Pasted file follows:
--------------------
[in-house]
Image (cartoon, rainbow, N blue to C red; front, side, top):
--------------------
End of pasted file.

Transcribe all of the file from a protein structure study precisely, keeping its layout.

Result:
[in-house]
Image (cartoon, rainbow, N blue to C red; front, side, top):